How to Increase Your Lung Capacity

Posted: 24th February 2012 by H@N! in Uncategorized
Increase Your Lung Capacity

Many sports in today’s action-packed world require you to use a vast amount of air to be successful. While there are ways to increase the size of your lungs, there are many ways to increase the amount of air taken in by your lungs, and the efficiency with which they capture oxygen. Practice these exercises daily, and you are bound to see an increase in your lung capacity.

Steps

  1. 1

    Breathe deeply. Be sure to practice deep breathing in order to maximize your lung capacity and take in more air with each breath.

    • Exhale completely. Don’t let any air linger in your lungs. This allows more oxygen-rich air to come in with your next breath. You can ensure the complete evacuation of your lungs by counting out loud. When you can no longer count out loud, you can expel no more air from you lungs.
    • Allow your diaphragm to descend by keeping your abdominal muscles relaxed. Your abdomen will expand as your diaphragm descends making more room around your lungs, allowing them to fill with air.
    • Widen your arms, holding them farther away from your body, to help open up your chest.
    • Inhale for two counts, and exhale for three counts. Maintain this ratio consistently.
  2. 2

    Create resistance.

    • Breathe in normally, through your nose. Take deep breaths.
    • Breathe out through your mouth with your lips still close together. Open them just slightly so a little bit of air can get out, and with resistance. Try and do this as often as possible — it makes the sacs in your lungs more used to having to hold air longer, stretching them out. Another way of accomplishing this same effect would be to blow up balloons.
  3. 3

    Breathe in more than your brain thinks you can.

    • For eight counts, breathe until your lungs are totally full.
    • For the next eight to sixteen counts, take small sips of air. Feel your belly expanding. You shouldn’t feel your shoulders moving.
    • Hold it for a few seconds and release forcefully.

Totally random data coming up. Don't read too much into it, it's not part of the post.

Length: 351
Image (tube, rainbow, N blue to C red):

• After you feel “empty,” make a “tssssss” sound for as long as possible. (This is called tizzling, and it mimics the resistance of playing a wind instrument.)
  4. 4

    Exercise in water.

    • Develop a normal stretching and weight lifting routine out of the water. Make sure that you compensate for the fact that weights will feel lighter when you have the water around you. Practice this routine for a few days until you are comfortable with everything.
    • Take it to the water. Submerge yourself up to your neck, and do the exercises while in the water. This may not seem like it is doing anything to help you at all, but don’t worry. Due to the blood shifting into your chest cavity and the compression on your body, you will have to take shorter, quicker breaths when exercising in the water. Research shows that your air capacity will be cut by up to 75% during this time, and your body will try to compensate for that. If your exercise in the water lasts long enough, and you do it regularly, your respiratory system will become more efficient, increasing your lung capacity.
  5. 5

    Get extra air.

    • Take a piece of pipe with a diameter small enough to put into your mouth without hurting your jaw. It should, however, make you open your mouth wide: about as wide as an average yawn. The pipe need not be long at all — it’s not the length you’re looking for, but the width.
    • Put the pipe in your mouth. (Do be sure it’s sanitary and clean.)
    • Breathe. Do so very carefully, though, because if you breathe too quickly, you will become lightheaded. Do this for a little while every day, and you will soon realize that you are able to take longer and longer breaths without becoming lightheaded. If you do this often enough, you should be able to take very deep, full breaths and be perfectly fine. This works because your body is becoming more adjusted to receiving more oxygen with every breath, because, obviously, you don’t breathe like you are yawning all the time.
  6. 6

    Play a wind instrument.

    • Learn how to play a woodwind or brass instrument such as a tuba, trumpet, trombone, oboe, clarinet, saxophone, or flute. This activity will help you control breathing and expand your lung capacity to utilize all the alveoli.
    • Play in a marching band or a Drum and Bugle Corps. This activity requires more and more lung capacity utilization for your movement and playing and is quite healthy.
    • You can also learn how to sing.
  7. 7

    Participate in rigorous cardiovascular activities.

    • Aerobics
    • Cycling
    • Running
    • Swimming – The best sport to improve on your cardiovascular fitness. At their peak, swimmers’ lungs will use oxygen three times more efficiently than an average person.
  8. 8

    Count. Take a deep breath and then count numbers for as long as you can. Practice it when you have time and each time go for a higher number.